Four Texas law enforcement agencies teamed up to fight cancer by raising thousands of dollars for cancer research through their Beard it Up and Color for Cure fundraisers.
The fundraiser, launched in November by the Texas A&M University Police Department, Bryan Police Department, Brazos County Sheriff’s Office and College Station Police Department, raised $10,481 over just two months.
Under the program, participating officers could donate $50 to grow a beard or $30 to paint their nails with the color of a cancer that has affected them or someone they know.
Having facial hair or colorful nails is normally banned by police departments. However, the agencies made an exception throughout the duration of the fundraising campaign, which recently came to an end.
The goal of the campaign was not only to raise money but to raise awareness for an aggressive brain cancer called diffuse intrinsic pontine glioma (DIPG).
The money raised went entirely to the Central Texas chapter of the nonprofit The Cure Starts Now (tinyurl.com/3zws2a4k).
The nonprofit raises money for cancer research (with a focus on brain cancer research) from across the globe.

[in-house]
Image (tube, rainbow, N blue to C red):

According to the organization, over 110 law enforcement agencies in 21 states have raised over $670,000 for the nonprofit since 2018.
The four Texas agencies jointly presented a check to the Texas chapter of the nonprofit on January 4.
Chapter Director Vicky Bridier was there to accept the check. She established the Central Texas chapter in September 2016 in honor of her daughter, Jade, who died of an aggressive DIPG brain tumor when she was 4-years-old.
Birdier said there wasn’t much research available when her daughter died, but the research has come a long way since then, and more treatment options are available.
“When my daughter died, there was really nothing out there. She couldn’t participate in research studies because she didn’t live long enough, and/or we couldn’t remove her tumor to get her tested. We lost her within five days, but the average lifespan of a child diagnosed with DIPG is nine months after they’re diagnosed,” Birdier explained. “Now, with all our research that we have put into funding, we are extending children’s lives to at least two years, three years, and we’re seeing four years now that they’re able to participate in all this research that we have funded. Hopefully, one day, it’s going to be longer, four years or five years. Hopefully, it’s going to be that cure we are looking for.”
Within the last four years, three Texas law enforcement families have lost children under the age of 10 due to the aggressive and terminal pediatric brain cancer.